A sizeable literature now links GBV and HIV index-art.info violence can lead to HIV infection directly, as trauma increases the risk of transmission. Jul 24, Gender-based Violence and HIV/AIDS: A Rwandan Project Confronts the Connection to HIV infection, partially due to early sexual activity, relationships For women, the agency to prevent and control life-damaging. Aug 4, Sunday on the links between gender-based violence and HIV/AIDS. in terms of acknowledging the effects of the AIDS epidemic on women.
It's time to talk about violence. And that is because of the high rates of gender-based and intimate partner violence aimed at women, and the way in which it greatly exacerbates HIV risk.
Women and girls who have experienced violence have a substantially increased risk of HIV infection, a risk that is both increased directly through sexual violence or indirectly through increased risky behavior or inability to negotiate safer-sex practices with a partner.
Women abuse survivors are in double jeopardy, as well: Consider these stats of women in the U. Reports show the numbers of post-positive violence is even higher in African countries where stigma and misinformation are commonplace. Indeed, internationally the numbers are even worse. In the last decade, wide-scale studies across Asia and Africa have shown women who experience violence from male partners are significantly more likely to be infected with HIV.
In some African countries, intimate partner violence is around 48 percent; the mortality rate from IPV in South Africa is double that of the U. In South Africa, 44 percent of men admit to physical violence against their female partners, and intimate partner violence is so common that in one study, a majority of high school students surveyed in the country said they did not consider forced intercourse a crime.
But surely, you may say, violence is just one risk factor among many.
Linkages between HIV/AIDS and GBV
If you look at the risk factors like drug use and sex work and so on, you'll see many, if not all, can be linked back to childhood abuse, sexual assault, or domestic partner violence. For example, women who experience gender-based violence are more likely to report risk factors like unprotected sex, IV drug use, and alcohol abuse. Studies in Rwanda and Tanzania — in fact study after study since — show that HIV-positive women were more likely to report a history of physical violence, sexual coercion, or gender inequality because women subjected to those forms of violence are less likely to request condom use, more likely to have partners who have risky sex behaviors outside their relationship, and more likely to have genital tract injuries associated with sexual violence which increase HIV susceptibility.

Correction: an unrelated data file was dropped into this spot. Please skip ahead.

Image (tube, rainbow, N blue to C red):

And once those women seroconvert and are HIV-positive, they are less likely to get treatment, more likely to go off their medication, and to miss health care appointments.
Even in the U. The only way the doctors were able to make that breakthroughs is because the mother had stopped getting care for her own HIV for a time and finally came back to the doctor for the sake of the child.
Gender-Based Violence Increases Risk of HIV/AIDS for Women in Sub-Saharan Africa
Men are the root of the problem and men must be a part of the solution. We cannot solve this without them.
And violence is a problem. While there are a number of things we need to do, the first is to include men in the solution. The links between violence, inequality, and risky behavior are clear, but more must be done to find ways to reduce each of them.
Research on working men in South Africa, married men in India, and men in methadone treatment programs here in New York who admitted to being perpetrators of intimate partner violence found that this disparate group of men were all far more likely to report multiple sexual partners, thus increasing their risk for HIV, and some researchers have postulated that abusive men are more likely than non-abusers to be HIV positive or to be infected with co-factors like genital herpes, which make women more vulnerable to HIV transmission.
She is a mother to two children and has experienced gender-based violence.
She uses drugs and sometimes sells sex. The most obvious one is the direct risk of HIV transmission caused by sexual violence and rape. Another direct link between gender-based violence and HIV is HIV diagnosis and disclosure acting as a trigger for different forms of violence against women living with HIV. This can include, but is not limited to, intimate partner violence and violence in healthcare systems, such as the forced or coerced sterilization of women living with HIV.
Gender inequality links gender-based violence and HIV as one of two indirect pathways that have even greater impact on HIV transmission than the direct pathways. In societies where patriarchy and unequal gender norms are deeply entrenched, men are more likely to perpetrate sexual violence, pay for sex, and are less likely to use condoms.
To prevent HIV we must end gender-based violence - International HIV/AIDS Alliance.
Intimate partner violence is also an indirect risk factor for HIV acquisition, as women who experience intimate partner violence have more mental health issues, including depression and anxiety, higher use of alcohol and less control over their sexual decisions. The matrix is adapted from the Gender at Work Analytical Framework.
Workshop participants shared examples of successful approaches to recognise and address gender-based violence.